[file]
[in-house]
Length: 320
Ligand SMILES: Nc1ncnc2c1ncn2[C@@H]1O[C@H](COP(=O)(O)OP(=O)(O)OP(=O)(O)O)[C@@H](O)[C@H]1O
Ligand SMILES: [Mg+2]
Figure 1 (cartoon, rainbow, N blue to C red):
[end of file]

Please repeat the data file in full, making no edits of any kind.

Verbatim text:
[in-house]
Length: 320
Ligand SMILES: Nc1ncnc2c1ncn2[C@@H]1O[C@H](COP(=O)(O)OP(=O)(O)OP(=O)(O)O)[C@@H](O)[C@H]1O
Ligand SMILES: [Mg+2]
Figure 1 (cartoon, rainbow, N blue to C red):